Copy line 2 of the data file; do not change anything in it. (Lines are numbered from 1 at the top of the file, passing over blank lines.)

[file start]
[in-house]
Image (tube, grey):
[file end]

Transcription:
Image (tube, grey):